PEORIA, Ariz. — Blake Beavan doesn’t feel overlooked or underappreciated. He knows what happened last year and he can look around the clubhouse and understand why he isn’t being mentioned by many as a candidate for the rotation.
“These guys we have here are pretty special,” he said. “It’s good to see those guys get talked about. They deserve it.”
Beavan has plenty to prove if he wants to fight his way back into the conversation.
On Monday, he took a step in that direction, giving up one run on four hits in three innings against the Colorado Rockies. The Seattle Mariners beat the Rockies 8-1 at Peoria Stadium.
“He probably fatigued a little bit and got a couple pitches up,” manager Lloyd McClendon said. “I thought his stuff was good for the most part.”
Despite his 6-foot-7 size and imposing presence on the mound, the right-hander doesn’t overpower hitters.
“He’s a command guy,” McClendon said. “He’s not a guy that’s going to light up the radar gun. He has to control the strike zone. He has to stay down in the zone and move it in and out. He did a fine job today.”
To be that command guy, Beavan needed to go back to his old mechanics. A year ago, he came into Peoria having worked on trying to pitch at more of a downward angle to take advantage of his frame. It seemed good in theory, but it never led to success. He didn’t have a good feel with his off-speed pitches, and his fastball command was spotty.
“I had some OK results with it, but I just couldn’t get comfortable with it last year,” he said.
Beavan made the rotation out of spring training, and made two starts. He was 0-1, giving up five runs in each game, not making it out of the sixth inning in either.
He was optioned to Class AAA Tacoma on April 30. That’s when he made the decision to change his mechanics. He decided to go back to his old way of throwing.
“By the time I changed, it was too late, and I created bad habits,” he said. “It was hard for me to get back.”
Beavan pitched out of the bullpen for the Mariners in the last part of the season. This offseason he worked on finding the old feel of his delivery.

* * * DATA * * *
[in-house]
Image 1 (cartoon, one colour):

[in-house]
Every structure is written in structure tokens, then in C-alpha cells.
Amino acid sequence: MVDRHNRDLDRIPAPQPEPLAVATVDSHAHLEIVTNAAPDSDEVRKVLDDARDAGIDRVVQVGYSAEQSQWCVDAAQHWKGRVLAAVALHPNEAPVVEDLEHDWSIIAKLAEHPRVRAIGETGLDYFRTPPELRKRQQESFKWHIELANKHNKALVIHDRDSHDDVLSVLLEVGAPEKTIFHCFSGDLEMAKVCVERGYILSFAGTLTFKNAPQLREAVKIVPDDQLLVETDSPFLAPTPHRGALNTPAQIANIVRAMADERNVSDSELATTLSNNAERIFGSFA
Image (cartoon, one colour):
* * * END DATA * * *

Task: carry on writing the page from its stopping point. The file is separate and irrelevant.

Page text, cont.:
“I feel like I’m back to where I was in 2012,” he said. “That’s when I was most successful. I feel like I’m 99 percent there.”
Those numbers weren’t overwhelming. He went 11-11 with a 4.43 ERA in 26 starts in 2012. But he was competitive and his command was much better — only 24 walks in 152 1/3 innings pitched.
TWO LINEUPS, NO KYLE SEAGER: The Mariners posted two starting lineups for Monday’s split-squad games, and Kyle Seager’s name wasn’t in either of them.
The third baseman was held out of action for a third straight game because of a jammed index finger on his throwing hand.
Does he want to play? Yes.
“He’s shared those thoughts with me on several different occasions,” McClendon said.
Could he play if this were in June?
“It’s nothing major,” Seager said. “If this was the regular season, it wouldn’t even be an issue.”
But McClendon made him wait for another day. Seager will likely start Tuesday in Glendale, Ariz., against the Los Angeles Dodgers.
Seager injured the finger sliding headfirst going into third base on Robinson Cano’s single in the first inning of the first Cactus League game.
“Did you see the slide?” Seager said. “It wasn’t exactly a textbook slide.”
Seager’s right palm hit the base hard and the force of his body weight rolled up on to the fingers, jamming them.
“They didn’t even make a throw, which makes it worse,” he said.
Seager said he would make a better head-first slide next time. McClendon said he would rather see him go feet first.